Should Sex Educated Be Mandated in All Schools?

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Naveena Chittineedi

Should sex education be allowed in the American schooling system?

According to an article from Science Daily, “Sex education is a broad term used to describe education about human sexual anatomy, sexual reproduction, sexual intercourse, and other aspects of human sexual behavior.” Sex education is usually instructed at schools in the U.S. – specifically in junior high and during the first two years of high school through health classes. The primary purpose of this topic is to raise awareness of the changes that this group of students go through both physically as well as emotionally. However, allowing sex education to be compulsorily taught in schools has become an extremely controversial topic all across the country. There have been countless amounts of never ending debates and arguments by the American public who are for and against it strongly.

Statistics have shown that more than 50% of American teenagers lose their virginity before the age of seventeen and only 7% of American parents accept the concept of sex education in schools without a problem. On the other hand, most of remaining 93% of the parent population consider it a restricted and too “mature” of a topic to be discussing with their children. However, according to Buzzle, an online blog, it is not the presence of sex education in schools, but its absence that has made teen pregnancy increase to such a high level today.2 Buzzle believes that most of the schools that do provide sex education have an “abstinence is the best solution” approach to it. Abstinence is the only form of birth control that is 100% effective against both pregnancies and sexually transmitted diseases. It is the practice of refraining from one or all aspects of sexual activity for medical, psychological, social, legal, philosophical or religious reasons. The concept of abstinence, conveyed by sex education classes, works well with students because we all believe that prevention is better than cure. Also considering the age group receiving this education, it can be well assumed that students are not completely matured either physically or mentally to make decisions regarding their sexuality and its desires. Therefore, stressing the importance of restraint and abstinence through sex education is a great advantage for both their mental and physical health.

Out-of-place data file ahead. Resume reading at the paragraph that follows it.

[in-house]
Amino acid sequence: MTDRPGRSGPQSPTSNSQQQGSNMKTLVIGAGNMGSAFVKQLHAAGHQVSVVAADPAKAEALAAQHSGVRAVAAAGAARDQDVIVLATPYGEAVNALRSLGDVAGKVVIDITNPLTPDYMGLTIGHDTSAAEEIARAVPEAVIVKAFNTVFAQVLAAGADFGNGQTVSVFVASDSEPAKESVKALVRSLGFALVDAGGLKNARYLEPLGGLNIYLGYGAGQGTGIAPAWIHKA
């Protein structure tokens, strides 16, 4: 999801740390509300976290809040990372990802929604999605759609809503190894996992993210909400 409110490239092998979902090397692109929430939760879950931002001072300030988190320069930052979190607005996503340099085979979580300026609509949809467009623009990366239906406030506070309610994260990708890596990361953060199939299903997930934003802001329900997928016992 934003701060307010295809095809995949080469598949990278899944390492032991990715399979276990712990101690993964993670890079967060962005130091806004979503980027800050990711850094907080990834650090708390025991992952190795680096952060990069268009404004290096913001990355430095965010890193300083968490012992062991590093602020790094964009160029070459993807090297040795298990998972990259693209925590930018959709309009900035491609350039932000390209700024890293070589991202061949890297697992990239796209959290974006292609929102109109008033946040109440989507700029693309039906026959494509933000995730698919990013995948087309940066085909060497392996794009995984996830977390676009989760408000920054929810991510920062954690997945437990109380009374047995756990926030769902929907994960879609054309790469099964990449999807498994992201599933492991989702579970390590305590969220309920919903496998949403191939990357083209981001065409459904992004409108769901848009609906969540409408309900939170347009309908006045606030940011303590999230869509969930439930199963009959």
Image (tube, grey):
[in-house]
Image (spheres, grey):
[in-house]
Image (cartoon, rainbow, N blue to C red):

Although most schools prefer to use the “abstinence” approach to promote or prevent sexual interactions between teenagers, some of them actually have accepted the fact that a simple class taken at school will not prevent “hormone-raging” and rebellious teens from having any sort of sex. Instead, they have chosen to use the “safe-sex” approach. This approach primarily teaches students about different types of birth control contraceptives available for use to practice safe sex. This is one of the most important concepts that this curriculum probably contains. With the access to the Internet, information is easy to obtain on various topics including sex. However, not everything read on the Internet is valid. There are several myths about sex – pregnancy and disease prevention circulating around the Internet and in between teens, maybe even adult crowds that is not legitimate factual information. Some of the false information may include not being able to become pregnant if the female didn’t have her first menstrual period prior to the sexual intercourse, the “pullout” method being 100% effective, not being able to get pregnant while menstruating, and etc. This class serves as a purpose to educate students about real facts and effective methods to keep their body in good sexual health. It can elaborate in detail about different birth control methods such as birth control pills and implants, condoms, diaphragms, spermicides, sponges, shots, and even information about the Morning-After pill (emergency contraceptive.) These methods will and have been preventing pregnancy. Also, condoms...
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